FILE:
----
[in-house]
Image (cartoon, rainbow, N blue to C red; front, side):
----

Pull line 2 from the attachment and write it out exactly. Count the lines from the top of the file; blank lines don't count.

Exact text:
Image (cartoon, rainbow, N blue to C red; front, side):